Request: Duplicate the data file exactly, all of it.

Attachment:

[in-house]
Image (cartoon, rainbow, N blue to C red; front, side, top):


[in-house]
Image (cartoon, rainbow, N blue to C red; front, side, top):